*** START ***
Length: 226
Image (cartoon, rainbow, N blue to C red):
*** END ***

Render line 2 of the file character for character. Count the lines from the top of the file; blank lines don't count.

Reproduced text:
Image (cartoon, rainbow, N blue to C red):